Discover more from Economics Matters by Laurence Kotlikoff
Putin's "Victory" -- A Chinese-Russian Mutual Defense Pact Against NATO's Invasion
Putin Can Surrender All Ukrainian Territory and Still Declare Victory
Vladimir Putin needs, it appears, divine intervention or, at least, major out-of-the-box thinking to save himself from himself. Despite firing hundreds of thousands of projectiles and sacrificing over two hundred thousand “comrades,” Putin is stuck in the mud in Ukraine. And there is no sign he will defeat Ukraine before Ukraine receives German tanks, British tanks, French tanks, American tanks, American armored vehicles, Canadian howitzers, American Patriot missiles, Australian drones and a host of other munitions likely sufficient to drive Russia out of Ukraine, including Crimea.
The signs of Russian defeat are growing. They include months of stalemate on the western front, massive casualties, resort to North Korean and Iranian munitions, declining energy revenues, and weakening support at the UN. Russia now holds 17 percent of Ukraine having lost half of the land it initially captured.
Yesterday morning brought news that the butcher, Yevgeny Prigozhin, who heads the mercenary Wagner Group, publicly accused Russian Defense Minister Sergei Shoigu of treason for failing to provide his forces with adequate ammunition. Yesterday evening, the requested ammo was heading to Prigozhin’s “crack troops,” consisting, in good part, of released criminals given the option to go over the top or have their heads smashed in with a sledge hammer.
In defaming Shoigu, Prigozhin is criticizing Putin. After all, Putin appointed Shoigu and is supposed to be supervising him. And in doing this publicly, Prigozhin’s making clear that Putin hasn’t responded to his private appeals and needs to be embarrassed into doing his job. This sends the message that Prigozhin is Putin’s boss not the other way around. It also tells the public that Prigozhin’s forces are not under regular military control.
This sort of thing doesn’t really happen in Russia without someone ending up with a bullet in his head. That’s likely Prigozhin unless Prigozhin pulls the trigger first. Even if Prigozhin and Putin can achieve peaceful co-existence, this is a sign that Putin’s losing internal control.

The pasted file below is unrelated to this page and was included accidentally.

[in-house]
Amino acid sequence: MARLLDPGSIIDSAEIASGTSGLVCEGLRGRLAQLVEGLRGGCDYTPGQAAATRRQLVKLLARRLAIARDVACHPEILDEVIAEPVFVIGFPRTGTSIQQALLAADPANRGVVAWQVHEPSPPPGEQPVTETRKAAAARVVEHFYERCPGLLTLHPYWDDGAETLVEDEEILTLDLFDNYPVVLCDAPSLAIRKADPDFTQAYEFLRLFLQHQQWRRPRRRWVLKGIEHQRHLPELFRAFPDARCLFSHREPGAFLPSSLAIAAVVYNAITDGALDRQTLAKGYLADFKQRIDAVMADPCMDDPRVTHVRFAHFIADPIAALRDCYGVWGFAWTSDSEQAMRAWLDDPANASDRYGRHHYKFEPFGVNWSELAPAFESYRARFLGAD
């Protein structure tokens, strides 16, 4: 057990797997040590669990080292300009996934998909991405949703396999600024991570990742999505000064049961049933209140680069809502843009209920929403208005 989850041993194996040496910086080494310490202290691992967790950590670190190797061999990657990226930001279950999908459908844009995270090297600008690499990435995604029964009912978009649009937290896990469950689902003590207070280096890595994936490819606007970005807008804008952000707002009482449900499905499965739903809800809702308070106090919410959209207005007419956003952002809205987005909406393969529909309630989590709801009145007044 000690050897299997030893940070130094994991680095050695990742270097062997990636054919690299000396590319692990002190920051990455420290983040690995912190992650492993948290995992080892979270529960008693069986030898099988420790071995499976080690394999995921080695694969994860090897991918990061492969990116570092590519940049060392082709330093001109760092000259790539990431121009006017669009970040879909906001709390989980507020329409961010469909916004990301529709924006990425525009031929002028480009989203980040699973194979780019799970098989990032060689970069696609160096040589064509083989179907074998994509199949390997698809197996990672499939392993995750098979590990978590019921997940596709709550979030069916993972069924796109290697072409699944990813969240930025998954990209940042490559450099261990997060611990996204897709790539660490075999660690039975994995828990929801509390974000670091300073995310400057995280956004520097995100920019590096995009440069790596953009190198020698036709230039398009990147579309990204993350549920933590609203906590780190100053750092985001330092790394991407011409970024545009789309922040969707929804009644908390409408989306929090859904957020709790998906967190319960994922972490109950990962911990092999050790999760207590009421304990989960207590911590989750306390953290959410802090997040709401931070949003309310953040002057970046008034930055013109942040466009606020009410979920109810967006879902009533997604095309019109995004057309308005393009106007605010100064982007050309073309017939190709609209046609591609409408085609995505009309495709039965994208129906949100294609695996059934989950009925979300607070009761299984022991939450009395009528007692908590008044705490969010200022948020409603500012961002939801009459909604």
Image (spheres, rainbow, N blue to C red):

Time is definitely not on Putin’s side. Before the war, Russia was spending 4 percent of its GDP on defense. Let’s suppose it’s now spending 15 percent. The U.S. is spending 3 percent. The UK is spending 2 percent and the EU is moving from 1.5 percent to 2 percent. Given each region’s GDP, Russia’s at a four to one disadvantage in military spending.
Plus, we’ve all read about Russian military technological backwardness. The Financial Times just reported that Russian ground troops have shot down a non-trivial portion of Russia’s air force due to a lack of advanced communications equipment. As for Ukraine’s air force, it’s likely to soon be flying F-16s. They have sufficient range to bomb the Kalinin Nuclear Power Station, just 120 miles north of Moscow. Hence, their acquisition will increase the size of Ukraine’s effective nuclear arsenal.
The bottom line? Putin needs a way out. China can provide it. It can broker a peace deal that entails Russian withdrawal from all Ukrainian territory, Russia’s permanent acquisition of its Sevastopol naval base in Crimea, and a Chinese agreement to defend Russia against a future NATO invasion. Russia would reciprocally pledge to defend China against a NATO invasion.
Since the possibility of such an invasion exists only in Putin’s fantasy world, such a pledge by China would cost it nothing. Nor would it cost NATO anything. What it would do is give Putin badly needed cover. He can leave Ukraine and claim that the war has achieved its most important objective — eliminating NATO’s ability to successfully invade Russia.
Crazy? No more crazy than Putin’s invading Ukraine without the slightest idea of the severe consequences Russia’s military, Russia’s economy, and Russia’s people would face.